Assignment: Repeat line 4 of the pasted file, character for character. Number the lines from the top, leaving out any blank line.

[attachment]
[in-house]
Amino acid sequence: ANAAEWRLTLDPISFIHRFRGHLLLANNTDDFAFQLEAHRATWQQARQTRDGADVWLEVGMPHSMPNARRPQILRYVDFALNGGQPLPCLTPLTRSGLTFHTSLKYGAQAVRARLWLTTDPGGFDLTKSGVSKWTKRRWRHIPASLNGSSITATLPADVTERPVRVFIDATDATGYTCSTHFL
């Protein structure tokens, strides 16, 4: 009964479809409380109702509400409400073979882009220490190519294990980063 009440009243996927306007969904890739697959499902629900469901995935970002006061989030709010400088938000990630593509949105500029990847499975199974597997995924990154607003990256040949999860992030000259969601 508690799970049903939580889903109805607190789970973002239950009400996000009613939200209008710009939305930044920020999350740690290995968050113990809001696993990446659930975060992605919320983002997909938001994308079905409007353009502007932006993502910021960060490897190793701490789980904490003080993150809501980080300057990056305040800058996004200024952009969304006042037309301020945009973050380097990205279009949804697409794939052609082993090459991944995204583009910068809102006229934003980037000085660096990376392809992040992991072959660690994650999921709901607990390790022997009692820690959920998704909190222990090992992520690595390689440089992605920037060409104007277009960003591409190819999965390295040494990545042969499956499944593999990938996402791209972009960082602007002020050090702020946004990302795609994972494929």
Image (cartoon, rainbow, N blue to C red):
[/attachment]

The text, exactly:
Image (cartoon, rainbow, N blue to C red):